A survey by NOS and the Association of Councilors showed that fifteen percent of councilors have been threatened at some point, either personally or online. Aletta Makken, councilor for GroenLinks in Steenwijkerland is one of them. “I was just new as a councilor and was soon intimidated by an entrepreneur. Of course I did not succumb to that and immediately reported it to the presidium (the chairman of the council and all chairmen of groups represented in the city council, ed. )”.
Aletta Makken is shocked. “No one had warned me about this. I have not heard that it has happened to anyone else,” says Makken. “I think something like this rarely happens in Steenwijkerland.”
The file about the event location at Twente Airport easily contains 10,000 pages.
Behind the facts
In addition to threats, intimidation and online hate messages, the work on the council is also tough because of the complex files. Margarita Jeliazkova is a councilor for D66 in the Enschede city council. “The council has thirteen factions, and they therefore always consist of few people. At the same time, we have many files that we have to master. then that is almost impossible,” says Jeliazkova.
Because of those enormous files and lack of time, Jeliazkova has the feeling that he is running behind the times. “I spend about fifteen to twenty hours a week on council work. For that reason, I stopped my job at the UT and became an independent researcher. Then I can use my hours more flexibly. You still have to choose which topics you tackle and that’s frustrating.”
Most councilors satisfied
The same goes for Aletta Makken from Steenwijk. “Fortunately, we have a number of external experts for the complex files who look at it for us. Even though our municipality is smaller than Enschede. I also spend about twenty hours a week on council work. My work as a self-employed person is on the back burner. placed for council work,” says Makken.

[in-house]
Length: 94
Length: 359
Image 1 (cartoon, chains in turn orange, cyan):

Is it all doom and gloom then? Certainly not according to these two councilors. And according to the survey by the NOS and the Association of Council Members, neither are they: 64 percent are very satisfied, another 21 percent are reasonably satisfied with what they have achieved. Most of them became councilors because they wanted to contribute to society.
Positive feedback is greater
“It is very satisfying if your submitted motion is passed or that you can put something on the political agenda,” says Makken. After her first term as council, she is now back on the list for another term. And the same goes for Margarita Jeliazkova. “It’s not always that obvious. I just learned the job on the council. I’m continuing because I represent someone, you get the responsibility of your voters.”
The motivation is great among the two local representatives. Jeliazkova: “When I see what I have achieved in the field of illiteracy, it motivates me enormously. In addition, I believe that decent people are in the majority. The positive feedback I get is greater than that of the critical shouters”. Aletta Makken: “It is a passion, very educational and you have a lot of influence”.